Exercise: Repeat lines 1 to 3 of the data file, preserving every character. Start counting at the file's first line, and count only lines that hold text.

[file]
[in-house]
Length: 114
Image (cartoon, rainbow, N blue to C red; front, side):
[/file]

[in-house]
Length: 114
Image (cartoon, rainbow, N blue to C red; front, side):